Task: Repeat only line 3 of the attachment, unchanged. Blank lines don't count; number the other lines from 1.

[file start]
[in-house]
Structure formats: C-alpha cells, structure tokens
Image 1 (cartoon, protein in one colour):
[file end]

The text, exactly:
Image 1 (cartoon, protein in one colour):